In this supplement to JNN, the authors explore recent research and treatment trends in the care of individuals with multiple sclerosis (MS). Costello provides a brief overview of MS—pathophysiology, clinical presentation, and diagnostics—as well as a deeper look at diagnostic options that speed the process of diagnosis. Faster options that pinpoint a more definitive diagnosis allow us to potentially decrease the frequency of relapse, diminish the degree of inflammatory change and damage in the central nervous system, and consequently reduce the progression of patients’ disability. Costello underscores the concept that with the always growing treatment arsenal, nurses who care for patients with MS need to fully understand the mechanisms of action for the various treatment options and their specific effects on disease relapse and progression.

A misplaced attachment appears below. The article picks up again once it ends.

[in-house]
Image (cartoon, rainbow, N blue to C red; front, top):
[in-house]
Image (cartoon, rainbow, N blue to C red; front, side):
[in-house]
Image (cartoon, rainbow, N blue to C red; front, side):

Kennedy examines the possible impact on patients when a diagnosis of MS is delayed. She outlines the issues and current research surrounding the diagnosis of clinically isolated syndrome (CIS) versus a diagnosis of clinically definite MS (CDMS). Patients who present with a single episode of 1 or more MS-related signs and symptoms are often treated less aggressively, or not at all, since their clinical presentation doesn’t “fit” the classic description of MS as a disorder with symptoms that present across a temporal and spatial continuum. Treating those with CIS with disease-modifying treatments at the onset of symptoms, despite the single episode, may, in fact, delay progression to CDMS and the radiologic changes seen on MRI.
The articles in the supplement offer an exciting window into diagnostic and treatment options now available for individuals with MS. They provide neuroscience nurses with a solid background that will allow any of us to better understand our patients and their needs and to provide better education and support.